Scientists have discovered ancient human footprints in Utah — traces, they say, of adults and children who walked barefoot along a shallow riverbed more than 12,000 years ago.
It took "pure chance" to make this discovery at the Utah Test and Training Range, a 1-million-acre site where the U.S. Armed Forces test experimental aircraft and other military hardware, said Tommy Urban, a research scientist at Cornell University. Following on Urban and his colleagues' recent studies of ancient human and other mammal tracks at White Sands National Park in New Mexico, the Utah tracks extend scientific understanding of ancient North America by revealing not just where humans lived but also evidence of their behaviors.
Daron Duke, a Nevada-based archaeologist for the Far Western Anthropological Research Group, invited Urban to assist with a search for ancient campfires at the Utah test range. Duke and his team published a paper on the contents of one campsite last year.
While driving to a dig site, the two were having an animated conversation about trackways. When Duke asked what a fossil footprint looked like, Urban pointed out the window and said, "Well, kind of like THAT!" They stopped the truck, having located the first of what would turn out to be 88 footprints.
"When I spotted them from the moving vehicle, I didn't know they were human," Urban said. "I did know they were footprints, however, because they were in an evenly spaced, alternating sequence — a track pattern."
The 88 footprints are in several short trackways, some of which indicate that people may have simply been congregating in one area.
"It doesn't look like we just happened to find someone walking from point A to point B," Duke said.
They believe these footprints are of people who lived nearby.
"Maybe collecting things. Maybe just enjoying themselves" in the shallow water, he added.
Duke said they had also found a type of stone spear tip in a nearby site that might have been used to hunt large animals, but no evidence of the animals yet.
Urban compared the Utah footprints to the "ghost tracks" in White Sands, a term used for tracks that appear only under certain conditions, then disappear just as quickly. The fossil tracks in New Mexico, as much as 23,000 years old, were uncovered using ground-penetrating radar technology and contained a treasure trove of revelations: tracks of ancient humans and megafauna intersecting and interacting with one another. They showed proof that ancient humans walked in the footprints of enormous proboscideans and vice versa; that one human raced across the mud holding a child, put that child down at one point, picked that child back up and then rushed off to an unknown destination; that at least one giant ground sloth was followed by ancient humans, rose up on its hind legs and twirled as the humans surrounded it; and that children played in puddles.
The discovery of the additional set of tracks in Utah suggests that there are other sites around the United States where more about ancient human behavior waits to be revealed.
"The western U.S. has many similar settings that could have early footprint sites," Urban said of the salt flats. "Now we have a second location. There are probably more out there."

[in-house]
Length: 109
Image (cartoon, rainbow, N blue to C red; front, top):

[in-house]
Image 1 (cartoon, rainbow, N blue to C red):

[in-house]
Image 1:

Still, finding human footprints was surprising. Humans have not inhabited the area for thousands of years. It is a desert, is remote and is a military installation.
"When we thought through these options, concluding that the most logical explanation is that the footprints were made during the late Pleistocene, then we were excited," Urban said.
The Utah footprints are more than what appears on the surface.
"They are subtle, because they are flush with the ground surface and generally covered in a veneer of the same sediment," Urban said. "You wouldn't necessarily notice them if you didn't already know what to look for."
When footprints are made, the pressure of the tracks impacts the subsurface, offering information about the weight and size of the people or animals making those tracks as well as the speed at which they are moving. By studying them with ground-penetrating radar, the team was able to find additional footprints and understand more about the tracks without destroying them.
Urban and his teammates taught Duke how to carefully excavate some of the tracks. It was Duke's first time working with footprints, and he admitted to feeling trepidation about excavating them. But, he said, "when you see the children's toes forming in what you're digging, that's just amazing."
The staff at Hill Air Force Base, which administers the range, has worked to include and inform Native American communities about the discovery.
"I've now known for about three weeks, and I have to admit, I'm still processing because it is a once-in-a-lifetime find," said Anya Kitterman, an archaeologist overseeing Duke and his colleagues' work on behalf of the Air Force at the test range. "There's something so personal about the footprints and being able to walk alongside these trackways knowing that someone years ago walked right there."
Patty Timbimboo-Madsen, a Shoshone tribal member and cultural and natural resource manager for the Northwestern Band of Shoshone, said she could not miss the opportunity to visit the tracks.
"It gives us proof that our people were here," she said. "And I think our people have always been here."
Kitterman said the Air Force is now considering how to manage the discovery site.
"We're still learning this landscape and what these trackways mean," she said. "How do we preserve them?"
And if the Utah test range site is anything like what was found at White Sands, preserving the site could be worth the trouble, because the researchers think there will be so much more to learn.